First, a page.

web counter Media Lies: Planting the seed

Friday, December 31, 2004

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Planting the seed

There's been some speculation that Supreme Court Justice Clarence Thomas might be considered for the position of Chief Justice if Chief Justice Rehnquist retires. This article seems exquisitely timed (or should I say "cynically timed"?) to undermine any effort to promote Thomas for the position. (They were already worked into a lather over his $500,000 book advance.)
Supreme Court Justice Clarence Thomas has accepted tens of thousands of dollars' worth of gifts since joining the Supreme Court, from $1,200 worth of tires to valuable historical items and a $5,000 personal check to help pay a relative's education expenses.

Justice Thomas has reported accepting much more valuable gifts than his Supreme Court colleagues over the last six years, according to their disclosure forms on file at the court.

Among the gifts was a free trip aboard a private jet to the exclusive Bohemian Grove club in northern California that was arranged by Harlan Crow of Dallas, a wealthy real estate investor who has helped run an advocacy group that filed briefs with the Supreme Court. He is the son of Dallas real estate executive Trammell Crow.

Mr. Crow also gave Mr. Thomas a Bible once owned by the 19th-century abolitionist Frederick Douglass, which Justice Thomas valued at $19,000.

Those and other gifts were disclosed by Justice Thomas under a 1978 federal ethics law that requires high-ranking government officials, including the nine Supreme Court justices, to file a report each year that lists gifts, money and other items they have received.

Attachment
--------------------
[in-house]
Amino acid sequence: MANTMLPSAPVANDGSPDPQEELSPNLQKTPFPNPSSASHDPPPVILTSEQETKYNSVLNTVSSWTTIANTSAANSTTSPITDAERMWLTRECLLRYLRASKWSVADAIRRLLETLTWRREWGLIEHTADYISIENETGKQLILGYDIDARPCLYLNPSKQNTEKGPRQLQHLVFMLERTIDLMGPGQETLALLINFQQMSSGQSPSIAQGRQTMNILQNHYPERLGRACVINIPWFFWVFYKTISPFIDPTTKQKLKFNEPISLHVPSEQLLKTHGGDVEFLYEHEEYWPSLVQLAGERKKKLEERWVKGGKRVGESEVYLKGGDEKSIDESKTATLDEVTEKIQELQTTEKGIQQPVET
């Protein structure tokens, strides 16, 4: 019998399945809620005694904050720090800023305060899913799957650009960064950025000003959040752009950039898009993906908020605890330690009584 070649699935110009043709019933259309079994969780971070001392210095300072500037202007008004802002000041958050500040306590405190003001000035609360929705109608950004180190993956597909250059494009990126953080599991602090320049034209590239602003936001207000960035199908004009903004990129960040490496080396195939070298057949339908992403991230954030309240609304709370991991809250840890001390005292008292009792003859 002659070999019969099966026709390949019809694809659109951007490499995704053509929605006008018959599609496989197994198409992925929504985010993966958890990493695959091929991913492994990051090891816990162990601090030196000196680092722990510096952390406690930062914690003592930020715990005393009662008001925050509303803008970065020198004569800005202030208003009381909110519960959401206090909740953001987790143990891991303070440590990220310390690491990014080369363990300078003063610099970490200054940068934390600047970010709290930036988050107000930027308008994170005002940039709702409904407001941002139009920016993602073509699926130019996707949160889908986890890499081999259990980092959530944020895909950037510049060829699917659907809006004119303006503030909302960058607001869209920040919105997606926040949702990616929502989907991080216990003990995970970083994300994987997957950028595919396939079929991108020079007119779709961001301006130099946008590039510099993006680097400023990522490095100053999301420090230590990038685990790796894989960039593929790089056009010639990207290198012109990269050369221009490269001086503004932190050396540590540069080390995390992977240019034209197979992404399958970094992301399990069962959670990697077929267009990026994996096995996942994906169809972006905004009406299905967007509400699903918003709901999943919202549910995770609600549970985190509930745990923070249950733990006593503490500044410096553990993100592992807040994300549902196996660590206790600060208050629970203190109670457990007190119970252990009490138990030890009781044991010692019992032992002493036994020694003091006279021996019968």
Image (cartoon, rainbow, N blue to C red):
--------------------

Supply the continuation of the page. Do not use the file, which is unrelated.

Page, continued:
Of course this has always been public information, and Justice Thomas has been on the court for thirteen years, so it seems particularly peculiar that the media has "discovered" this information right now.

Furthermore, listing many of the larger gifts he's ever received without any reference to the time frame within which they've been received leaves the reader with the impression that Justice Thomas has just recently been gifted with great largesse and is not at all bothered by the impropriety of it all. How different would the readers' perspective be if they knew that Justice Thomas received no gifts in 2003? (His 2004 disclosure statement won't be filed until April, 2005.)

Naturally, the attacks on Justice Thomas will begin immediately.
But in October, an American Bar Association panel called for tightening the rules to forbid judges to accept expensive gifts, free tickets and other valuable items, regardless of the donor.

"Why would someone do that - give a gift to Clarence Thomas? Unless they are family members or really close friends, the only reason to give gifts is to influence the judge," said Mark Harrison, a Phoenix lawyer who heads the ABA's Commission on the Model Code of Judicial Conduct. "And we think it is not helpful to have judges accepting gifts for no apparent reason."
You can't get much more cynical than Mr. Harrison. Who gets to decide the criteria for "family members or really close friends"? What exactly is the influence the giver is supposed to have? Mr. Harrison never says. He just implies that it's impossible for a judge to receive gifts without returning the favor somehow.

The cynic in me can't help but wonder if Justice Thomas would receive all the criticism that he has if he were white instead of black. It seems that liberals simply can't stand it when "one of their own" goes "off the reservation". The possibility that Justice Thomas just might be an extremely intelligent man who can think for himself and come to different conclusions than liberals do never seems to enter their mind.

Justice Thomas, despite his critics, has had a distinguished career and has served ably on the Court. The folks at the Volokh Conspiracy certainly think Thomas would make a great Chief Justice, and who am I to argue with them. :-)